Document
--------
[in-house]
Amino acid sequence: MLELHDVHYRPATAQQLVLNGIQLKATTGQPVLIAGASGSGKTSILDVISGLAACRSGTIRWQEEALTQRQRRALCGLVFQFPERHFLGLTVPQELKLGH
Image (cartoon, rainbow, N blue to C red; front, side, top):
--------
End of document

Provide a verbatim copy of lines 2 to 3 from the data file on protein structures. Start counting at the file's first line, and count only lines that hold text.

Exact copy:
Amino acid sequence: MLELHDVHYRPATAQQLVLNGIQLKATTGQPVLIAGASGSGKTSILDVISGLAACRSGTIRWQEEALTQRQRRALCGLVFQFPERHFLGLTVPQELKLGH
Image (cartoon, rainbow, N blue to C red; front, side, top):